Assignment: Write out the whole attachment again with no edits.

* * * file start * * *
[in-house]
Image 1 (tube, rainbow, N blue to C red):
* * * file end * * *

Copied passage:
[in-house]
Image 1 (tube, rainbow, N blue to C red):